Art Food Lifestyle Travel

LET’S GO LOCAL – A GUIDE TO SEYCHELLOIS CULTURE

By on 3rd July 2017

The Seychelles may be known for its natural beauty, but the Seychellois people and their unique fusion of diverse cultures play a major role in making the archipelago the vibrant place that it is. So what can you expect when you visit? Here’s a quick guide to what you need to know about the people, the cuisine and the local culture:

 

The people

The Seychellois are very laid back and easygoing people – as you would expect from anyone who lives “the land of perpetual summer”. With a population of about 90 000, the vast majority of Seychellois people are of Creole descent. Since the islands were first discovered, different people from around the world have settled here for various reasons – including people with French, Indian, English, Chinese, Arab and, of course, Pan-African heritage.

Each cultural group has had its own unique influence on the island with their different traditions and customs. The Seychellois people are known for being exceptionally friendly and hospitable. The three official languages are Creole, English and French.

 

The cuisine

The local cuisine reflects the diverse heritage of the people – with a delicious blend of French, Indian, Chinese and African flavours. Curry and rice are the staple foods and fish and meat are always on the menu. You can expect creative combinations of spices and liberal use of coconut milk and fresh island ingredients such as spinach, aubergine, golden apple and papaya.

Favourite local dishes you need to try include cari bernique (curried limpet), octopus curry, salted pork curry, Chatini Seychellois (chutney with chillies, ginger and garlic often served with fried fish), Kat-Kat banana (banana cooked in coconut milk), palm hearts and papaya salad. Locally made Takamaka rum is also a must.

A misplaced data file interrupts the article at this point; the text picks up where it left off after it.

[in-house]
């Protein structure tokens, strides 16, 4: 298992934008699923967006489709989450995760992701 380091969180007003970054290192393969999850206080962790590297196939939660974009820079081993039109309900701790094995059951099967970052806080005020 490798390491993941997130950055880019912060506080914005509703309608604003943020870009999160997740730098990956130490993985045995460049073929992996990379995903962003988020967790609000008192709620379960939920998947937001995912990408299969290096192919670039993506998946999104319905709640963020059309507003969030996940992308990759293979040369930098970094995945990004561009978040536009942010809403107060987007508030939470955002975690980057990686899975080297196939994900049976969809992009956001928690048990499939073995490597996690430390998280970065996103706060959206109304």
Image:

The culture

The diverse heritage of the Seychellois people has deeply influenced local music, dance, architecture and art.

Music and dance are particularly important aspects of island life. Music has both African and European influence and is predominantly played on percussion instruments – especially drums and rattles – and stringed instruments like the guitar and stringed bows.

Popular traditional dances and music styles on the islands are the Sega and Moutia (also known as Moutya) which both originated among slaves in the area. The Sega involves the dancer’s feet not leaving the ground while the rest of the body moves rhythmically to the beat of simple instruments (often accompanied by lyrics about oppression and freedom). In the Moutia, dancers move freely with more suggestive movements as the tempo increases.

Music and dance are key to social gatherings and the locals are known to wear bright, colourful traditional outfits – often adorned with flowers. When the occasion doesn’t call for traditional outfits, the dress code on the island is as laid back as the people, and formal clothes are rarely worn.

Every year, in October, the week-long Festival Kreol on Mahé is the best, most vibrant and colourful showcase of Seychellois culture. This year’s festival will take place from 23 – 29 October. As if you needed any more reason to start planning your trip 😉

 

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